It was bad. Real bad. Thoughts of hanging up my running shoes for good kind of bad. And that was only three miles in.
It’s all mental. I know it’s mental, but knowing it and being able to snap myself out of a funk are two completely different things. A half hour into my 10 mile run on Sunday I was thinking of calling my husband to come and get me. I was wondering if I could get my money back for the marathon this October. I was wondering why the hell I signed up for any of this. The kicker was that I was fine. Nothing hurt, the weather was perfect, I wasn’t even pushing myself, but the only thought running through my head was, “I’m miserable”. And it was on repeat.
By mile 5 I was feeling a little better. I’d planned and out and back so I was coming up on my turn-around. At 5.5 I ate a few bites of a Fiber One bar and that helped too. Mile 8 my right ankle started to feel stiff, but I was entering my home territory… there’s my grocery store on the left, and that awesome Thai place just ahead. Familiar landmarks make it easier somehow; nothing quite like coming home right?
Miles 9 and 10 were my fastest. I felt good and strong. I didn’t collapse as soon as I walked in the door like I had imagined I would in my head. Instead I made myself a green monster, stretched, took a shower and then a 30 minute nap.
If there’s anything I learned from this rotten experience it is that I am my own worst enemy. And that some tunes would have likely been a good distraction. A few bars of Gonna Fly Now (aka the Rocky theme song) probably would have done the trick. I haven’t run with my iPod in a few weeks. Ever since I got my Garmin actually – I guess I can only wrap my head around one electronic device at a time?
Speaking of Mr. Garmin, I was all prepared to give you the review of the 405 that I promised a few weeks back. It was going to be a pretty decent review too. Too bad he won’t turn on. Any tips?
Honestly though, I love this little guy. He’s completely changed the way I think about my running and the way I train. I never realized before how much my speed varies between a quick three-miler (I average about a 9:30 pace) and a long run (Sunday’s was an average of 11:04). It was my first double-digit run of the season so I took it really slow, maybe too slow. I was afraid of tiring myself out early in the game, but knowing I felt good in those last few miles (pace closer to 10:30) helps me to I know I can pick it up for next weekend. I feel I should defend my time a bit here and note that Baltimore county is exceptionally hilly. I feel valid saying this as I grew up 1.5 hours outside of San Francisco, aka the hilliest of hilly locales and thus, I know my hills. It’s rough driving up some of these hills, let alone running them. Ok, back to the Garmin…
My only qualms about the 405 are:
It’s HUGE on my wrist. I have to wear a sweat band wrapped underneath of it to keep it in place. They really ought to make the thing adjustable or in various sizes. Who came up with this one-size-fits-all gimmick anyway? It fits my husband who is 6’2″ and has 100lbs on me perfectly, but that doesn’t really help me much now does it?
I can’t figure out how to set the display screen. I’ve gone in and set all my data fields, but I still feel like it shows me whatever it wants to. Sometimes it displays two fields, sometimes one. Sometimes it shows me how far I’ve gone, sometimes how far I have to go. As I manically press buttons mid-gallop I am sometimes successful in finding the display I’m looking for. Sometimes not. I’ve yet to determine if this is user error or not, so I won’t hold this against the watch, but I will go as far as to say that if it is user error, it’s not a very user friendly interface, because I’m not altogether that dense. Really… I’m not.**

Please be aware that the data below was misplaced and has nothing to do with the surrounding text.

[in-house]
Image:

The blank screen. What gives? Is there really not a reset button on this thing? I wish I could tell if it was not charging, or charging but not turning on. At least then I would know if it was the power cord or not. Sad panda. 😦
**UPDATE: After contacting the folks at Garmin they offered to fully overhaul my 405. I packaged Mr. Garmin up and shiped him off. A week later he was returned to me better than ever. I am now able to choose my display settings without difficulty and can say with certainty that my experience with the 405 was atypical as the device had a few glitches. After two months of use, I’ve had yet to experience any further issues with the display and/or settings. Aside from the fact that the watch is still HUGE on my wrist, requiring me to wear a sweatband underneath to keep it in place, I’m really pleased with the product and the service.
Ok, on to the highlights (I know, I’m a total Debbie Downer today. It’s safe to say it’s work stress, but we won’t get into all of that). Typically, I’m completely drained of any and all energy after a long run. Even if I load up on protein afterward, I’m usually pretty useless for the rest of the day. Now, I’m not saying I had tons of energy after my nap yesterday, but I did make it to my husband’s football game and spent three hours on the field socializing and whatnot. I even lasted through a few TV dramas when we got back to the house. And then I slept. For ten hours. But that’s still worlds better than I can usually say for myself. Go me! And, even better? I don’t have an inkling of pain today!! Crazy! I wonder how much of that I can contribute to our new super-fantasic Sleep Number bed?
If only I had as good of a time ON my run, as I have AFTER it…. Well, there’s always next weekend’s 10 miler!
When your brain chatter gets you down, what do you do to snap out of it?